KOKOMO, Ind. — Tuesday was a perfect fall evening for a walk.
More than 150 people wearing matching purple T-shirts walked with a purpose on the Indiana University Kokomo campus, raising awareness of domestic violence, and approximately $15,000 for the Family Service Association (FSA) of Howard County’s domestic violence shelter.
Andréa Halpin, dean of students, said the campus seeks to instill values of ethical leadership and community involvement in its students, and is grateful to collaborate with partners like the FSA, who play an integral role in the community.
“My hope is that today serves as a catalyst for all our students to spread awareness to end domestic violence and sexual assault,” she said.
Sophomores Moriah Crawford and Kelsi Langley participated in the walk with their women’s basketball teammates and said it’s important to talk about issues related to domestic violence.
“We have to acknowledge that it happens, and bring awareness to it, and fight back,” said Crawford. “We want to end domestic violence, and if we don’t talk about it, there’s no way we can do that.”
This is the 19th year for the Angel Walk, which includes students, faculty, staff, and community members. This year, it also celebrates the FSA’s 55th anniversary, as well as national Domestic Violence Awareness Month.
Kokomo Mayor Tyler Moore applauded all who participated and read a proclamation declaring October to be Domestic Violence Awareness Month in Kokomo, calling upon all to work together to raise awareness and, “hopefully, one day eliminate it.”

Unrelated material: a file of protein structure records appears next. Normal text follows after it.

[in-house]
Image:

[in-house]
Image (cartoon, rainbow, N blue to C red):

The event raises money for shelter operations. Angela Ciski, FSA director of community resources, said it has provided services for 20 years, and is now a certified rape crisis shelter.
Last year, the domestic violence program served 490 adults and children, providing approximately 4,000 shelter nights and nearly 12,000 meals.
Arianna Shanks-Hill shared her survival story, and her triumph in creating The Gabby Project, which provides education and resources for those at risk or who have survived domestic violence. Her goal is to protect the younger generation and prevent domestic violence.
Shanks-Hill, from Kokomo, noted that one in three women will be a victim of domestic violence.
After her abuse, she initially kept silent, then realized that left others vulnerable.
“I realized if he could do that to me, he could do that to someone else,” she said. “I remember thinking that somebody should say something, or he would continue abusing without any consequences. I came to the conclusion that nobody was going to take a stand unless I did it myself. I had to create the change I wanted to see. I took the worst that life gave me and turned it into life for others.”
She promotes her platform as a titleholder in the Miss Indiana Scholarship Program, and said advocacy gives her strength.
“I am not a victim of my life,” she said. “What I went through pulled a warrior out of me. Anger is the spark of change, but it is not sustainable. Love is. Love is what fuels us and drives us to be better humans.”
She encouraged everyone to love their community enough to hold people accountable for their behavior, to believe and support victims, and say enough is enough.
“Over time, you will create a community that is completely intolerant of abuse,” she said.